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Declan

  • Tuesday 20th June 2017, 3:52pm
  • England
  • 752 posts

"One person was mildly critical of you and now we are all damned for being sore losers who spend all our days whinging on forums instead of writing anything creative"

Sorry, could you point to my post where I damned everyone? 'Other people' in this context doesn't mean 'all other people' it means 'some other people'.

I have no problem taking criticism, I encourage it because we want to improve.

I don't have time for people who just want to whinge.

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Chris Hallam

  • Tuesday 20th June 2017, 4:20pm [Edited]
  • Exeter, United Kingdom
  • 91 posts

Seems a bit odd to desert the forum because of one person's criticism, if so.
The tone of your message came across very much as "well, I've wasted enough time with you losers. I'm off to do some serious writing while you guys waste your time whinging away on here..."
Perhaps you didn't mean it like that. In which case, you should have phrased it better.

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Declan

  • Tuesday 20th June 2017, 4:27pm
  • England
  • 752 posts

"This is my last post on this topic" referred to the single topic in question, ie the state of supposed female bias within the sitcom industry.

I'm probably not going to leave the forum that I set up.

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Chris Hallam

  • Tuesday 20th June 2017, 4:36pm
  • Exeter, United Kingdom
  • 91 posts

Whoops! I apologise then. My mistake.
I blame the heat!

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Declan

  • Tuesday 20th June 2017, 4:41pm
  • England
  • 752 posts
Quote: Chris Hallam @ 20th June 2017, 4:36 PM

Whoops! I apologise then. My mistake.
I blame the heat!

Apology accepted. Be off to the Double Locks with you and quaff some zider.

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Chris Hallam

  • Wednesday 21st June 2017, 7:15am
  • Exeter, United Kingdom
  • 91 posts

Great idea! Thanks for being so sporting about my own overreaction.

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Declan

  • Wednesday 21st June 2017, 7:34am
  • England
  • 752 posts

You're welcome, mine's a pint.

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ell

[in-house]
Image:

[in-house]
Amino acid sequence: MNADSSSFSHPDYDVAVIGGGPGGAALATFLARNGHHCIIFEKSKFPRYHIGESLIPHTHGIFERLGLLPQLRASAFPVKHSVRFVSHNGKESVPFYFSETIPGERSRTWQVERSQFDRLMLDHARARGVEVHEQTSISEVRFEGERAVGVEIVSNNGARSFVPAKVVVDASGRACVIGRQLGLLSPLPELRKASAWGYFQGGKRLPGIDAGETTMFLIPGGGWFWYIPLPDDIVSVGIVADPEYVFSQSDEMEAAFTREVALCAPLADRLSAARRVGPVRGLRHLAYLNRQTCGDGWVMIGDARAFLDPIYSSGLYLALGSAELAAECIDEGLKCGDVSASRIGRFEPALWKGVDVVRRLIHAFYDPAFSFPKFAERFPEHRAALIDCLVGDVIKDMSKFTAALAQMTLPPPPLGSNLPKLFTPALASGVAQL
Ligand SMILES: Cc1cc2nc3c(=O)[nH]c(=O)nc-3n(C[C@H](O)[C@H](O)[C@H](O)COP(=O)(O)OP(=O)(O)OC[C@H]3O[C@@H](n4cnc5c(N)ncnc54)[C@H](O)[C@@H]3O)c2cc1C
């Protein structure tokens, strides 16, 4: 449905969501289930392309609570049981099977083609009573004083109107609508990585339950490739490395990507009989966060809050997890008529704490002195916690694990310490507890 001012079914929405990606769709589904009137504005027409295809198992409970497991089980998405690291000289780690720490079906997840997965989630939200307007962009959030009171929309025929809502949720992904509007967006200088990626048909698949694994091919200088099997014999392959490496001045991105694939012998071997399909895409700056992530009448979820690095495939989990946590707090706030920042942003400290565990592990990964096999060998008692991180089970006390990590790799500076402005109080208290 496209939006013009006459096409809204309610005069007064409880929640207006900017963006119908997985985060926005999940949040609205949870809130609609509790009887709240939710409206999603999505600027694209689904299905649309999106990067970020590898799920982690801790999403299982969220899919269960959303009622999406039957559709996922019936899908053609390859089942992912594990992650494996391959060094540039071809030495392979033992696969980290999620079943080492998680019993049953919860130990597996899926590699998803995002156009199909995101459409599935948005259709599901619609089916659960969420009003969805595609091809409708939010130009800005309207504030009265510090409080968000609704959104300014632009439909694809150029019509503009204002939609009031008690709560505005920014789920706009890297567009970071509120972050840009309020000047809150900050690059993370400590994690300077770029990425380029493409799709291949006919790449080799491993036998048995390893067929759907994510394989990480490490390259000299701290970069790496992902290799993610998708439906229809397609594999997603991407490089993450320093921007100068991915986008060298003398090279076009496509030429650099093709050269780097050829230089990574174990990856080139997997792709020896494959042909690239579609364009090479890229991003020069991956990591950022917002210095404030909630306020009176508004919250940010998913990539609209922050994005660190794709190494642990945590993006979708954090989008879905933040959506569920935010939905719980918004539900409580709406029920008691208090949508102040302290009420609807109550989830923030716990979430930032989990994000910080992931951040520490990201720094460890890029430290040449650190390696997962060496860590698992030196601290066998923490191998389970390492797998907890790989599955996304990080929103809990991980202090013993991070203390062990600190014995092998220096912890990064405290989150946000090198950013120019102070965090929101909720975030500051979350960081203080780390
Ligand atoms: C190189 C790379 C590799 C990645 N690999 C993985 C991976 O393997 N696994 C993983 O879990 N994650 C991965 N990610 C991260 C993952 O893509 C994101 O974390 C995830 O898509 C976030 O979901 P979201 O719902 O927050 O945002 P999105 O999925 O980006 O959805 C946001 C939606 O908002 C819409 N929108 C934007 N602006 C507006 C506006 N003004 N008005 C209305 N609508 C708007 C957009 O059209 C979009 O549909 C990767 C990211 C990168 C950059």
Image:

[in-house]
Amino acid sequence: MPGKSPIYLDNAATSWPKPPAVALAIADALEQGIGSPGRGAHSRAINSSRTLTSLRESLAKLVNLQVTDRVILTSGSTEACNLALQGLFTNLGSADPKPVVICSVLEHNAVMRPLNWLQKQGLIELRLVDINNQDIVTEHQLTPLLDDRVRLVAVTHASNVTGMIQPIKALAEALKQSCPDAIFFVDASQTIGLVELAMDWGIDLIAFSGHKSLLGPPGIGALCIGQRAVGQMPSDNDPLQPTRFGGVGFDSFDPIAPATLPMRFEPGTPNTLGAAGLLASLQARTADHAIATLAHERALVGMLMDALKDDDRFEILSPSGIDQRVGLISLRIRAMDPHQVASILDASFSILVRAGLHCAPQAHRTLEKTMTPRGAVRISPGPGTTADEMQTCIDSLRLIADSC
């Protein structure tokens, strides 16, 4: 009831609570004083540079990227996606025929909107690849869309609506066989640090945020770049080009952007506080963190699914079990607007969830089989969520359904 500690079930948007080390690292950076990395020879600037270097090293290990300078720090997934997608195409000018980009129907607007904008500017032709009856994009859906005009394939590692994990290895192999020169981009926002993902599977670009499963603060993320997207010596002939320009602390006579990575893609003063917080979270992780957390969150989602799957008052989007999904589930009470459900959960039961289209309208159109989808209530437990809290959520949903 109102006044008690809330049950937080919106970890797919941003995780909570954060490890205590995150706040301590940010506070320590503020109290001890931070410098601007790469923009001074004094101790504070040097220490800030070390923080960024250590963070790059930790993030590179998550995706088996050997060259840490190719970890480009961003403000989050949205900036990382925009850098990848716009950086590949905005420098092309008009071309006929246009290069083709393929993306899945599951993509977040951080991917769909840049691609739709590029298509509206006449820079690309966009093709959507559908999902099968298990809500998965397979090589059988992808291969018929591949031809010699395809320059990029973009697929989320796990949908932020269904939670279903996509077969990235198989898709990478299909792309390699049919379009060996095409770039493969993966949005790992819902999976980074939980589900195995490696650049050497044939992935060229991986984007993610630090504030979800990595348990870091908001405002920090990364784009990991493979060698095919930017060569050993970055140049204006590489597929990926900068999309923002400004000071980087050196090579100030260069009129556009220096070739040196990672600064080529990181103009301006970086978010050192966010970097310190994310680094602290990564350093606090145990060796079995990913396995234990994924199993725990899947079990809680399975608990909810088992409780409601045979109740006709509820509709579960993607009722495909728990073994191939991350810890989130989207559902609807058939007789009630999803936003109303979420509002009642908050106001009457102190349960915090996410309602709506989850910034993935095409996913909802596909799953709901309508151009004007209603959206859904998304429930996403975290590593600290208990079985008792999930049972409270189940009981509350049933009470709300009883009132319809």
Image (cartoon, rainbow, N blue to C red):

• Tuesday 27th June 2017, 1:15pm [Edited]
  • Lodnon, United Kingdom
  • 9 posts

"Three years back I entered with a sitcom about a snob and a millionaire slob living on the top floor of a mansion towers in London."

Damn. That sounds like a good sitcom as well.

In reference to them picking girls and women all the time, maybe they're the better scripts? It's not difficult to imagine and it's sort of offensive to assume that they're doing this based on an agenda. If it was white guys every time, you wouldn't think anything of it. It would just be seen as normal. It was 'normal' when the only people writing were white men but now as confidence increases more people feel valued and capable and so put their work forward. It may just be better and more interesting (new?) to judges.

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Alfred J Kipper

  • Wednesday 5th July 2017, 10:19am
  • Aldershot, England
  • 5112 posts

You could be right Eel yes, it could be that unknown women sitcom writers have suddenly all bloomed at the same time into the next Galtons and Simpsons, and that most of the TV commissioned women sitcom writers just haven't been getting it quite right. In that case we should be in for a great sitcom revival and I really look forward to it.

It could also be that Rocliffe is run mainly by women mainly for women as evidenced by their website pictures alone, (or used to be, haven't gone there lately) comments in feedback about token female characters in my script with a 1/4 gender split in favour of women (but with the lead character male) or their regular competition winners lists.

Or like I said it could all be politically driven by the broadcasters' assertion that they want more female based and written comedies. The agents in the middle then giving them this. Totally understandable from a commercial standing.

Or it could be a mixture of the three with more women indeed writing in more confidence about women focused situations, regardless of the call for more women roles and shows and writers. Yes I don't doubt this is happening also. But I also don't doubt that some agents are now looking at their increasing flow of scripts with more interest and intent than the stale old mountain of white male scripts.

But why it bothers me so much is because it is ripping up many of the old gender based conventions in comedy writing such as dirty old man chases unobtainable young bird or obnoxious MD has affairs with pretty secretaries because broadcasters want to project a more modern and PC aligned world which quite honestly, a lot of real life men or indeed women haven't caught up with yet. So in effect, broadcasters under political pressure are trying to force through an image of society which doesn't yet exist, and are now trying to influence society instead of society informing TV content, as we've been used to, if that doesn't sound too poncy.

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Paul Wimsett

  • Friday 14th July 2017, 8:20pm
  • Folkestone, England
  • 2451 posts

It's called getting old. I miss the millennium bug and grunge.

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Merri

  • Monday 7th August 2017, 4:06pm
  • England
  • 10 posts

Hi Declan. You said you would have a date for the finals in June. Do you have one yet? I would like to attend. I am not based in London and would have to plan my freelance work around the visit, so would be grateful to know as soon as possible.
thanks